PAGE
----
- A+

Given an nxn array A of real positive numbers, I'm trying to find the minimum of the maximum of the element-wise minimum of all combinations of three rows of the 2-d array. Using for-loops, that comes out to something like this:

`import numpy as np n = 100 np.random.seed(2) A = np.random.rand(n,n) global_best = 1000000000000000.0 # print(A) for i in range(n): for j in range(i+1, n): for k in range(j+1, n): # find the maximum of the element-wise minimum of the three vectors local_best = np.amax(np.array([A[i,:], A[j,:], A[k,:]]).min(0)) # if local_best is lower than global_best, update global_best if (local_best < global_best): global_best = local_best save_rows = [i, j, k] print global_best, save_rows `

In the case for `n = 100`

, the output should be this:

`Out[]: 0.492652949593 [6, 41, 58] `

I have a feeling though that I could do this much faster using Numpy vectorization, and would certainly appreciate any help on doing this. Thanks.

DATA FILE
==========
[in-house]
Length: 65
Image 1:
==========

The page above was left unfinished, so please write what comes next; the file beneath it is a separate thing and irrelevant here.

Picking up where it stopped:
This solution is 5x faster for `n=100`

:

`coms = np.fromiter(itertools.combinations(np.arange(n), 3), 'i,i,i').view(('i', 3)) best = A[coms].min(1).max(1) at = best.argmin() global_best = best[at] save_rows = coms[at] `

The first line is a bit convoluted but turns the result of `itertools.combinations`

into a NumPy array which contains all possible `[i,j,k]`

index combinations.

From there, it's a simple matter of indexing into `A`

using all the possible index combinations, then reducing along the appropriate axes.

This solution consumes a lot more memory as it builds the concrete array of all possible combinations `A[coms]`

. It saves time for smallish `n`

, say under 250, but for large `n`

the memory traffic will be very high and it may be slower than the original code.